March 23, 2014

SCHULMAN | Understanding Comics … And the Microsoft Surface Tablet

Print More


Second semester senior year I rediscovered comics or, more specifically, I discovered a comic that reignited my interest in comics (which is ironic because most teachers enjoy checked-out seniors almost as much as I enjoy justifying reading comics as a freshman in college). The comic I discovered was Understanding Comics by Scott McCloud, which is actually a comic about comics. It sounds pretentious but the visuals are great and McCloud wrote the script, pencilled the layouts and inked the artwork himself, making him a two-dimensional triple threat. It’s an easy read but it is witty, insightful and will make you rethink language, writing and art. I would highly recommend it even if you have to justify your new found appreciation for comics the book will instill in you.

Understanding Comics describes how comics combine both words and pictures to convey much more than either can alone. McCloud believes that comics articulate in words what pictures can’t, but at the same time, use pictures when words fail. In the same way literature’s grammar relies on words, a comic’s grammar relies on symbols to bridge word and image. However, I don’t think this technique is limited to comics. User interfaces and applications, at least on the Microsoft Surface Tablet, employ a grammar based on word and image as well. And, understanding this grammar isn’t easy if you’re unfamiliar with it (As a full disclosure, this column may have resulted from my frustrating experience coaching my dad with his new Surface).

Users struggle with the Surface if they don’t understand its comic-book-like combination of graphics and text directing users. Although I was impressed my dad replaced his iPad with the Surface Pro — sacrificing his oversized iPhone’s simplicity for Surface’s versatility and power — he couldn’t copy and paste with Microsoft Word during his first week with it. He didn’t realize the little clipboard designating copy and paste on his laptop would be identical on the tablet despite the limited changes Microsoft has made to Word since he started using it in 1998. After all, why would Microsoft drastically change Word when it makes lots of money by changing color scheme?

I may tease my dad about his new tablet (only because I love him), but working the Surface, applications and user interfaces requires picking up on visual cues — the kind you find in comics. McCloud describes how comics utilize symbols and other visuals to convey meaning. For example, if you didn’t understand speech bubbles you would be really confused by comics. Although I see poofy clouds as talk more mornings than I would like (only because Ithaca is so cold), you can’t argue speech bubbles are an easily recognizable visual phenomenon. Most people know speech bubbles represent and convey dialogue from left to right, but try interpreting Manga speech bubbles the same way, and it will confuse you more than the Windows 8 start screen on the Surface confused my dad because they flow differently.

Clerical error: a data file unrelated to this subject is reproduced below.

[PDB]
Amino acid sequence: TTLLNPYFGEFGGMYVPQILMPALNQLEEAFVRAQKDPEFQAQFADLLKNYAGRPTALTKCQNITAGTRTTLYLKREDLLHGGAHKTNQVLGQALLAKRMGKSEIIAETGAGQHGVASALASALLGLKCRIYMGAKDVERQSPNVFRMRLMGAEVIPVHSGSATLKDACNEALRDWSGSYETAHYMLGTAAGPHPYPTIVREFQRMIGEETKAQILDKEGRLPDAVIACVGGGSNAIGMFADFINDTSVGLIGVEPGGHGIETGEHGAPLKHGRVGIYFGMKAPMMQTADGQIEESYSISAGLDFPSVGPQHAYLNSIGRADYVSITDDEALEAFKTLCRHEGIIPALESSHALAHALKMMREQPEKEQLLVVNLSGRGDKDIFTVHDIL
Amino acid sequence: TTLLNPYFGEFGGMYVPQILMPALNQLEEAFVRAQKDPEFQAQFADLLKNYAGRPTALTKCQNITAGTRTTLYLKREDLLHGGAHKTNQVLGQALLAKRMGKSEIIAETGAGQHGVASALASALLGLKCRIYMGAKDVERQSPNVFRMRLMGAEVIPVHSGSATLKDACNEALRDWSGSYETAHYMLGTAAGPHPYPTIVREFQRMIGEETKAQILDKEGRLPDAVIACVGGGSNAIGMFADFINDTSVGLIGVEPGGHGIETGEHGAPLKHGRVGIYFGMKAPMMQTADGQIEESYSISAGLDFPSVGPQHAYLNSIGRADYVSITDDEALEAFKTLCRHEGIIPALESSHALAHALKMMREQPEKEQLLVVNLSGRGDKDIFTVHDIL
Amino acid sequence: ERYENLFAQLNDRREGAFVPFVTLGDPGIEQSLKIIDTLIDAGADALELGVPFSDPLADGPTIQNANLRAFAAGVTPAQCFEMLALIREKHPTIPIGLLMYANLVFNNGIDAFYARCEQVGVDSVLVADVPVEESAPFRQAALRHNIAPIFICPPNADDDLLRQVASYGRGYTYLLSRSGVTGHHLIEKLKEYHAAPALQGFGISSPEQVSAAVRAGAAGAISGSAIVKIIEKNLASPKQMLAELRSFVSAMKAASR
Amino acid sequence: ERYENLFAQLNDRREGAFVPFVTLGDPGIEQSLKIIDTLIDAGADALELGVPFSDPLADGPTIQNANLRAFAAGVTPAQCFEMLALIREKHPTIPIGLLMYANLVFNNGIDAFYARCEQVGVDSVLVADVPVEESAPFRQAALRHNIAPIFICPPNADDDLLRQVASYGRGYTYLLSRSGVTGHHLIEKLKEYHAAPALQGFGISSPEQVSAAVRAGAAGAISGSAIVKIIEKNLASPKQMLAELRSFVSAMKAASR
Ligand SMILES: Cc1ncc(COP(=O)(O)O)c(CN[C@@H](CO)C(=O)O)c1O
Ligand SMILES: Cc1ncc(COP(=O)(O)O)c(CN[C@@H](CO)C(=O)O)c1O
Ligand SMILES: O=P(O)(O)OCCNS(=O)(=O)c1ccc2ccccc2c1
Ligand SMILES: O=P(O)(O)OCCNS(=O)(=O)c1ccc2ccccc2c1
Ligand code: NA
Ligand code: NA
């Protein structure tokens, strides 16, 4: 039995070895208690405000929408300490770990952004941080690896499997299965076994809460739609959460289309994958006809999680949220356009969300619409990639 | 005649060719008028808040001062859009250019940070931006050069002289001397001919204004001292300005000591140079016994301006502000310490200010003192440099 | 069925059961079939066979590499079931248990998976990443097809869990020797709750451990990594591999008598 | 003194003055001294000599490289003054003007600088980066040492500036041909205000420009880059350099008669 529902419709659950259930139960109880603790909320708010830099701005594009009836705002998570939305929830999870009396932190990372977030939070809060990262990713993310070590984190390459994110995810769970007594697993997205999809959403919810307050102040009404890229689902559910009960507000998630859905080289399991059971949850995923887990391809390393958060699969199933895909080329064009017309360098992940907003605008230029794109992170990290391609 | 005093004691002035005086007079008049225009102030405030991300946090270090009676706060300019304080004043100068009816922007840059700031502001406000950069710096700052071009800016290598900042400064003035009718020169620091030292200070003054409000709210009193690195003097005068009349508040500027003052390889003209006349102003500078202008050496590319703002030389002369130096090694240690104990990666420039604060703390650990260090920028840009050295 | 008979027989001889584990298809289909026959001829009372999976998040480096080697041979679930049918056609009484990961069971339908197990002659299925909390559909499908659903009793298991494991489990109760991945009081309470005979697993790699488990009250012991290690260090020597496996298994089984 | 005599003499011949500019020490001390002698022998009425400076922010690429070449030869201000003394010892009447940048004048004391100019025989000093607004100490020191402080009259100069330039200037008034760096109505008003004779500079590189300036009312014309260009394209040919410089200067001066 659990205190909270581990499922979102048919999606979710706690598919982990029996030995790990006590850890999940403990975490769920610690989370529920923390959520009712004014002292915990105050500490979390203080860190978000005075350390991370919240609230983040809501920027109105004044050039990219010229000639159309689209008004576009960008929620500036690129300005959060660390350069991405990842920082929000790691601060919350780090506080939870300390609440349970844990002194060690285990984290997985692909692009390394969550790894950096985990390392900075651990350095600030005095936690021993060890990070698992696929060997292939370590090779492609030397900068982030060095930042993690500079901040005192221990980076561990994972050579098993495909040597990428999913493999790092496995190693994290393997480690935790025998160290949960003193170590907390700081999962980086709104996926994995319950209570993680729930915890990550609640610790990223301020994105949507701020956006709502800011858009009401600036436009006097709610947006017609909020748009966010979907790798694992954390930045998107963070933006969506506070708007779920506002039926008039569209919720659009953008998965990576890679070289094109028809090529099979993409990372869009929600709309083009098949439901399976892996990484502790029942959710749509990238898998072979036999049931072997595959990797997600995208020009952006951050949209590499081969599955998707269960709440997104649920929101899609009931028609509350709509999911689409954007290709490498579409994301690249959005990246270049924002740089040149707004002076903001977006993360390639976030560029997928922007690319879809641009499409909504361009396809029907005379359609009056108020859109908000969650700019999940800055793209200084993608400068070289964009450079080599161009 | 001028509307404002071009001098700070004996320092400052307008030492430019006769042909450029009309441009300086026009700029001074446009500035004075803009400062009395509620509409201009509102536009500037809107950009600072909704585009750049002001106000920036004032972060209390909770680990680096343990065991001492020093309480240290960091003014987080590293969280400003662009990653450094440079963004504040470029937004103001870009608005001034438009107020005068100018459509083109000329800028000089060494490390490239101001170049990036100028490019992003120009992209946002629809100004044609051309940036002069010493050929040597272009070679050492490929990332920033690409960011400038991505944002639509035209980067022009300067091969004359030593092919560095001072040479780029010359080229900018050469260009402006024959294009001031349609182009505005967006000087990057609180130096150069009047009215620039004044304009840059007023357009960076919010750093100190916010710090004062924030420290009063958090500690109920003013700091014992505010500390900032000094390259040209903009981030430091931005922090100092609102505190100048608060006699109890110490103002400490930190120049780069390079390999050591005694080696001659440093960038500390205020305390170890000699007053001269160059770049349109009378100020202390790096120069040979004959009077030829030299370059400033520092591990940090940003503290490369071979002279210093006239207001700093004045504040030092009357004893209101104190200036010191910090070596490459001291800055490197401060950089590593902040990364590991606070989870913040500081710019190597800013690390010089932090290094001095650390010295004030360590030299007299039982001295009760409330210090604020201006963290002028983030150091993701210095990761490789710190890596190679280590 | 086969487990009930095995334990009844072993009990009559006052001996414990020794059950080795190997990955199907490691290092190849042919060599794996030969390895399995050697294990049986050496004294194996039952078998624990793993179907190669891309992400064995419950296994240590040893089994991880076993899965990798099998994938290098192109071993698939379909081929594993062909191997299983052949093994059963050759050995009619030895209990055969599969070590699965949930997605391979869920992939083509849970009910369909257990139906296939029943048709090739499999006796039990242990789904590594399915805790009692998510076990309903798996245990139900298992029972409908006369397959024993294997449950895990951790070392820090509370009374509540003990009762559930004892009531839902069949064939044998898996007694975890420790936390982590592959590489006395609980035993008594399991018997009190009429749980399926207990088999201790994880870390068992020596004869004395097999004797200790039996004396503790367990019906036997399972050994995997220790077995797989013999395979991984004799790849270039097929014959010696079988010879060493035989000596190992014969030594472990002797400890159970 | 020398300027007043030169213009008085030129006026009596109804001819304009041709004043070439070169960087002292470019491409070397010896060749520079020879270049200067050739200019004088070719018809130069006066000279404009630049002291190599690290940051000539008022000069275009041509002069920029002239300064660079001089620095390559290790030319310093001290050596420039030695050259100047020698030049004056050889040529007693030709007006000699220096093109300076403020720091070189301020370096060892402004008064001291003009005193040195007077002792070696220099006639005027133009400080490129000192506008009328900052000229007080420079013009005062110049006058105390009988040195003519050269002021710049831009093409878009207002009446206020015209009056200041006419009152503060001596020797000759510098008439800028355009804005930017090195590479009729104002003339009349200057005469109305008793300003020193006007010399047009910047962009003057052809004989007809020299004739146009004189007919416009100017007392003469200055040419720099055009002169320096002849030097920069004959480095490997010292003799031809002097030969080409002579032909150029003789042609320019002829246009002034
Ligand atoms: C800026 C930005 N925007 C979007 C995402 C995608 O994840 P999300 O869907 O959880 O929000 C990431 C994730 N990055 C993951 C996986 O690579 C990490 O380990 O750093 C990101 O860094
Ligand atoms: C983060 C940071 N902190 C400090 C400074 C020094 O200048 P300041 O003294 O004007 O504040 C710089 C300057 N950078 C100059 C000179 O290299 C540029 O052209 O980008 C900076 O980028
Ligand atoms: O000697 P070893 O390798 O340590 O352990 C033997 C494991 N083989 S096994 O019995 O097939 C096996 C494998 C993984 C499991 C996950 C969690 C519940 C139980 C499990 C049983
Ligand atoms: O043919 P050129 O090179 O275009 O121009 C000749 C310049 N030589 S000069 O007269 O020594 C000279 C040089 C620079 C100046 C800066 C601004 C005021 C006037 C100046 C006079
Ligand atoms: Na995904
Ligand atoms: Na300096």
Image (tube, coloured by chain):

The Windows 8 Start Screen tiles look suspiciously like comic book panels, and a speech bubble designates the Surface’s messaging application. In the same way speech bubbles might confuse people who don’t read comics, technologically challenged folk just haven’t adjusted to technologies’ visual lexicon. Understanding that the clipboard in Microsoft Word’s upper right hand corner represents a shortcut for copying and pasting text isn’t intuitive. But it is frustratingly obvious if you recognize the button from your email, your web browser and every free text editor you’ve ever downloaded to avoid shelling out 75 dollars for Microsoft Office.

In Understanding Comics, Scott McCloud describes how comics books employ a combination of words, pictures and symbols to prod readers along. Like the Surface, most user interfaces and applications work similarly. So much so, that Google actually asked McCloud to design a comic explaining Chrome for its 2008 release. The folks at Google must also know that comics, user interfaces and applications are similar not only because they are both foreign to my dad, but also because they both combine text and graphics to guide users and readers.